With the treaty banning nuclear weapons about to become international law, Global Affairs Canada has softened its opposition. But it’s still on the wrong side of history, according to Project Ploughshares executive director Cesar Jaramillo. Read further: Nuclear arms and Canada
Earl Turcotte – Letter to The Hill TimeAs. Published in modified form on Nov. 2, 2020.
The Treaty on the Prohibition of Nuclear Weapons (TPNW), negotiated in 2017 has been endorsed by 122 nations. Since that time, 50 nations have signed and ratified the Treaty, triggering its entry into force in 90 days.
While most of the world will celebrate this historic event, almost 75 years to the day after the UN’s first-ever resolution that called for the elimination of atomic weapons, the United States of America is doing its level best to sabotage the Treaty.
In a now widely circulated ‘non-paper’ sent to countries that have joined the TPNW, the US registers its outrage and requests that they withdraw from the Treaty. Why? Among the long list of reasons cited by the Americans, because “Russia and the Peoples Republic of China (PRC) are engaged in a nuclear arms buildup with the goal of military dominance that if left unimpeded, will result in a new nuclear arms race. Should they succeed, the result will be profoundly negative for the future of the democratic way of life… And let’s be frank: The TPNW will not stand in Russia’s or the PRC’s way in remaking the global order in their own cynical, autocratic image.”
Leave aside that China has approximately 300 nuclear weapons, compared to the US and Russia that have 6,000 each and that the US spends more on defence each year than the next 10 countries combined. It is precisely this kind of ham-fisted rhetoric, combined with the US’ own actions in recent years, that render nuclear disarmament a global imperative.
The United States itself triggered the new nuclear arms race when it announced that it would budget $1.5 Trillion dollars over the next 30 years to ‘modernize’ its nuclear arsenal. Donald Trump, in addition to increasing tension with adversaries and allies alike, has threatened “fire and fury” on North Korea, withdrawn from the nuclear deal with Iran and the Intermediate-range Nuclear forces Treaty with Russia, stated his intention to withdraw from the Open Skies Treaty and has not to date agreed to renew the critically important New START Treaty with Russia that will expire in February 2021 – despite repeated offers by Russia to extend the Treaty without preconditions.
While there is indeed cause for concern about an ascendant China and Mr. Putin’s clear longing for the glory days of the former USSR, it is lunacy to engage in this kind of brinkmanship. All hell could break loose – deliberately or accidentally – plunging the world into an existential crisis that could make a global pandemic feel like a day at the beach.
What to do? Looking (and praying) for change south of our border after November 3rd, Joe Biden has indicated that, if elected, he would try to scale back Trump’s buildup in nuclear weapons spending and would make the US less reliant upon the world’s deadliest weapons. There could be an opportunity here, to engage a more rational and mature administration in the United States. Either way, the rest of the world has to make it clear to all nuclear armed states that enough is enough! We’ve got to get rid of these damned weapons before they get rid of us!
Earl Turcotte Chair, Canadian Network to Abolish Nuclear Weapons
Douglas Roche, October 30, 2020 in The Hill Times: In a subtle diplomatic move, the Government of Canada has ceased its opposition and now “acknowledges” the reason for the Treaty on the Prohibition of Nuclear Weapons, which will enter into force on Jan. 22, 2021.
Douglas Roche: “The Canadian government has said it cannot make such a commitment because of its membership in NATO. But the letter contests this stand, arguing that nothing in the new treaty precludes a NATO state joining, as long as it never assists the use of nuclear weapons.”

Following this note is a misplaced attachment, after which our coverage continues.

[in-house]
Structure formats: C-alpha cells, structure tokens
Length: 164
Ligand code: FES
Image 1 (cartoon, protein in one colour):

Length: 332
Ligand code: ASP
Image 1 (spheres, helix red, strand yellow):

EDMONTON—Lloyd Axworthy, Jean-Jacques Blais, Jean Chrétien, Bill Graham, John McCallum, John Manley, and John Turner.
These seven names hardly need an introduction to readers of The Hill Times, and certainly not to the Government of Canada. Two of them are former prime ministers, three are former foreign ministers, and two are former defence ministers, who ran and served Liberal governments.
All of them signed an open letter [en français], released on Sept. 21, that features 53 former high officials of NATO countries expressing support for the Treaty on the Prohibition of Nuclear Weapons. It is an astonishing rebuke of NATO’s moribund policies on nuclear weapons, and the most serious challenge to NATO’s nuclear orthodoxy in the organization’s 71-year history. Even two former NATO secretaries-general, Javier Solana and Willy Claes, as well as former U.N. secretary-general Ban Ki-moon, joined in this protest.
That Covid-19 has created a new global reality is clear. If there is any positive aspect to this unfolding situation, it could be a deeper appreciation for the fact that the well-being of people throughout the world is inextricably linked. The COVID crisis might also serve as a cautionary tale, helping us to avoid other threats to humanity. Read the pdf
In a world that seems
every week to be further jettisoning
international law on global security as ugly
national populism rises, is there any hope
for the elimination of nuclear weapons? Continue reading…Roche021920_ht
Dear Prime Minister:
Canadians for a Nuclear Weapons Convention, supported by more than 1,000 recipients of the Order of Canada, write once again to urge you and your Government to make nuclear arms control and disarmament a national priority. In this letter, we make specific suggestions, notably that Canada work diligently toward achieving an international consensus to save the Non-Proliferation Treaty (NPT) at its Review Conference in 2020….. [continue reading: CNWC Letter to Prime Minister.Jan22-2020]
Geneva (ICRC) – Millennials see catastrophic war as a real likelihood in their lifetime. In fact, most millennials surveyed by the International Committee of the Red Cross (ICRC) believe it is more likely than not that a nuclear attack will occur in the next decade.
Nuclear Armageddon is the global peril that time forgot. But amid all the concern about environmental degradation, disarmament remains imperative, says Nobel laureate John Polanyi. Read full essay: Do more to prevent nuclear war
“To understand the extent of Canada’s retreat from staunch defender of meaningful steps towards increased nuclear restraint and eventual disarmament to the shocking role of U.S. nuclear weapons apologist, it is necessary to review the position of Canada in the context of the NPT and NATO.” (Peggy Mason is President of the Rideau Institute.)